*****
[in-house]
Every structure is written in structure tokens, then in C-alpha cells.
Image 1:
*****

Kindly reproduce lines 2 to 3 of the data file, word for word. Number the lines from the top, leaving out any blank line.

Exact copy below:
Every structure is written in structure tokens, then in C-alpha cells.
Image 1: